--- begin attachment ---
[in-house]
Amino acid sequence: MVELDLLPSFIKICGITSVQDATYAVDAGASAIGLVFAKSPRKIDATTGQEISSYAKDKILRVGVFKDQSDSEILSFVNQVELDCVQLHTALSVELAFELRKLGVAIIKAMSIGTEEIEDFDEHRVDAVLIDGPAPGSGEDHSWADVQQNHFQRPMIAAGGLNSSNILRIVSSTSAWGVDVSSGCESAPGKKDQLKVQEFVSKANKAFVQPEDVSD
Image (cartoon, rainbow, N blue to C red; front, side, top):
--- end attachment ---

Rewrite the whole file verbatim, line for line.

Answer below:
[in-house]
Amino acid sequence: MVELDLLPSFIKICGITSVQDATYAVDAGASAIGLVFAKSPRKIDATTGQEISSYAKDKILRVGVFKDQSDSEILSFVNQVELDCVQLHTALSVELAFELRKLGVAIIKAMSIGTEEIEDFDEHRVDAVLIDGPAPGSGEDHSWADVQQNHFQRPMIAAGGLNSSNILRIVSSTSAWGVDVSSGCESAPGKKDQLKVQEFVSKANKAFVQPEDVSD
Image (cartoon, rainbow, N blue to C red; front, side, top):